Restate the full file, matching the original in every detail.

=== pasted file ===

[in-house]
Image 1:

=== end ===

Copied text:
[in-house]
Image 1: